Schüss und Susch – zwei keltische Segusia-Namen?



  • Luzius Thöny Universität Bern



This article discusses the etymology of two Swiss toponyms which share a similar etymology. (1) The Schüss (French La Suze) is a river in the Bernese Jura region of Switzerland. It is attested as Sushe in 1281 and perhaps even earlier as Secusiam in the Himerius-Vita from the 8th/9th c. In previous scholarship, the name of this river has been explained from Celt.*Segusiā, a derivation from the well-known base Celt. *sego-, ultimately from the root PIE *seǵh- ‘overcome, overpower’. A number of similar river names (and other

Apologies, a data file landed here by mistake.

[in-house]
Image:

toponyms) such as La Suze < Secusia 1178, La Suize < Secucie ca. 1123 exist in France. (2) The village Susch, German (older) Süs, lies in the Canton of Grisons. Its name is first attested as Susis in 1161 and has similarly been explained from Celt. *Segusiā in previous scholarship. The morphological structure of the name is not clear. It seems likely that the form is a derivation with a complex suffix Celt. *-usiā- < PIE *-usieh-, cf. the name Celt. Bergusia (both a place name and a name of a deity). The naming of various objects (rivers, settlements, a mountain etc.) with the same name is perhaps most easily explained if we assume that *Segusiā was originally the name of a Celtic goddess (as already suggested by Hubschmied in 1938 for the Swiss river), although no decisive proof of such a goddess has been found so far.